No start date set for summer paving projects

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By Reece Murphy

In February, the S.C. Department of Transportation announced plans to rehabilitate portions of Potter and Taxahaw roads in southern Lancaster County and all of Shelley Mullis Road in Indian Land.

Plans for the roads call for grinding the worst stretches of road, or as in the case of Shelley Mullis Road the road’s entire 2.5 mile length, down to their bases, which will then be shored up and resurfaced with asphalt.

Though SCDOT awarded the contract three months ago, the work has yet to begin on the roads, which are among the most heavily-traveled roads in the county.

In the meantime, Panhandle residents who travel Shelley Mullis say the road is getting worse – so much so that at least two sections present a significant danger to drivers.

The most dangerous spot, drivers say, is a 100-foot stretch in the eastbound lane of a curve just east of the bridge over Six Mile Creek.

The spot is pockmarked with deep holes, sharp edges and a crumbling, uneven road surface in the lane’s wheel-paths.

“We are all playing ‘dodge ‘em’ to avoid some giant holes,” area resident Karen Paulson said in an email inquiry to the Carolina Gateway. “They are not patching or repairing. There is one that is about 4 feet square in the eastbound side. We are all driving around it, into the oncoming lane.”

Another area resident, James Anderson, knows all too well the damage the road’s potholes can play on a vehicle. One incident about six months ago cost him $1,500 in repairs.

Anderson said he’s also worried that drivers weaving into the left lane to avoid the series of potholes is going to cause an accident with oncoming traffic.

Like Paulson, Anderson doesn’t understand why road crews don’t make more substantial repairs.

“They had this whole crew out there, put up cones, even had a big roller,” Anderson said. “I thought, ‘They’re really going to fix that hole this time,’ but they didn’t. They just put a bunch of dirt into it and packed it down.

“It’s really a dangerous situation. They never really fix them,” he said. “There may be an explanation. If there is, I’d like to hear it.”

SCDOT District 4 Resident Engineer Greg Williams, who is overseeing the project, said the contract was awarded to Boggs Paving of Monroe, N.C. Williams works in the Chesterfield County SCDOT office.

Boggs Paving did not respond to a request to discuss repair timelines or road conditions.

Williams said the project as a whole includes a total of seven roads in Chesterfield and Lancaster County. The project’s deadline for completion is still November 2013, he said.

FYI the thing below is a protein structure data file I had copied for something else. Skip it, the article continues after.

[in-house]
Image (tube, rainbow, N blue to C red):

“They’re actually going to start in Chesterfield County and then head over to Lancaster County,” Williams said. “Taxahaw Road is the closest, so I believe they’re planning on doing that one next.

“I do know that Shelley Mullis is scheduled to be the last one they do,” he said. “I think they had it slated for the end of August or the beginning of September. Of course, that’s subject to change.”

Williams said in keeping with contract terms, Boggs has taken over patching and maintenance of the roads during the project’s duration.

He said he’s well aware of the situation on Shelley Mullis due to the steady stream of complaints SCDOT receives each week from drivers about the road’s condition.

Williams said he visited the road with Boggs officials June 12, to discuss repairs.

Williams said the lack of more significant repairs to the potholes are likely a cost factor, since any repaving to completely smooth out the spots now would have to be ground down along with the rest of the road when the rehabbing starts.

Still, Williams said, Boggs Paving is well aware of both drivers’ complaints and they are contractually liable for any damages arising from the road’s condition.

“I know it’s on their minds. Like I said, I remind them of it every few days,” Williams said. “As many complaints as we’re getting, as many emails as I’m sending them, there’s a good chance that they’ll move that (Shelley Mullis repairs) up.

“We could always recommend they do that, but we don’t have a way to tie them down to it,” he said. “Basically, it’s at their discretion.”

According to SCDOT District 4 Administrator John McCarter, the $1.5 million funding for the project is federal road money meted out by the state on a county-by-county basis.

Roads are chosen based on formula and several evaluation factors including condition of the pavement and amount of traffic

The Taxahaw section runs approximately 3.4 miles from the area of Antioch Volunteer Fire Department near Flat Creek Road (S.C. 903) and Potter Road to Hinson’s Trading Post on Rocky River Road.

The Potter Road section to be repaired runs approximately 2.3 miles between the Lloyd’s Phillips 66 on Camp Creek Road (Five Points) and Lucky 99 at the Pageland Highway (S.C. 9) intersection.


 Contact reporter Reece Murphy at (803) 283-1151